The threat of a pharmacists' strike at Kaiser Permanente, which serves the health-care needs of 3.5 million Southern Californians, caused a run on drugs in L.A. that resulted in 45 minute waits at some facilities.
See also: Prescription Drug Crisis in L.A?
Lucky for you, however: it looks like this whole episode is over.
Kaiser today announced that it has reached a tentative agreement with the Guild for Professional Pharmacists, whose 1,400 members were poised to strike last week before a deal to continue negotiating put the idea on hold:
The health care consortium said both sides have tentatively agreed to a contract.
The guild threatened to put pharmacies at 14 Kaiser facilities in SoCal out of order. The union said it wanted a restoration of pension benefits as well as more time to fill prescriptions and a minimum of 20 hours a week of work for part-timers so they could be eligible for ... health-care coverage (really).
Benjamin Chu, president of Kaiser Permanente Southern California, said:
Kaiser Permanente pharmacists are highly valued members of our health care team. We have an outstanding group of pharmacists and we are delighted a tentative agreement has been reached that ensures their continued care for our members and patients. We also deeply appreciate the flexibility of our members during this time.
Interestingly, Kaiser last week put out a statement saying that media outlets (like this one) of publishing "muddled" facts on the dispute.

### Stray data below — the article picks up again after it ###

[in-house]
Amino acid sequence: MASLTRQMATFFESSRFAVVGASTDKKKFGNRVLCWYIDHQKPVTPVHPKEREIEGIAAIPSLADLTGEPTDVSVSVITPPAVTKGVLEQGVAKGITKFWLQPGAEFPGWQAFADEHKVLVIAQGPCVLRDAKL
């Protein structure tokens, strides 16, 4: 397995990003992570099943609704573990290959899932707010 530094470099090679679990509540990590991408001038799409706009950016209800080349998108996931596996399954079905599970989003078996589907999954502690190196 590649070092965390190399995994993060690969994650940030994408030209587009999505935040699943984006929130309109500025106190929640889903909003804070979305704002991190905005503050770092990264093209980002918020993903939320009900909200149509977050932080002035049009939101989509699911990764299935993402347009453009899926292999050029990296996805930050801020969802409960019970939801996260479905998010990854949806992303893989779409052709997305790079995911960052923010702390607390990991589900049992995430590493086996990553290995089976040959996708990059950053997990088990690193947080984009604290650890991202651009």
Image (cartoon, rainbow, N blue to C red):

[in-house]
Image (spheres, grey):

This is a classic case of corporate P.R: When asked to respond to the union's specific allegations, Kaiser was silent, opting to issue blanket statements with virtually no refutation of the guild's individual claims.
When those claims got air time, however, Kaiser turned around and blamed the media for allegedly getting it wrong even though the consortium had every opportunity, from day one, to get its side of the story out there.
In any case, Kaiser says the union's claim that pension benefits were taken away from its members three years ago doesn't tell the whole story. (The guild had said that it was led to believe other Kaiser employees were to face the same fate but that the other workers never did lose these benefits).
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Three years ago, we negotiated a pension change with the Guild. We jointly agreed to move from a defined benefits plan to a 401(k)-style, defined contribution plan. Under this plan, Kaiser Permanente provides an annual contribution of 6 percent of compensation to each pharmacist's account, regardless of whether pharmacists match it with their own paycheck contributions. During this changeover, no pharmacists lost any pension benefits they had already earned.
Hope that clears it up.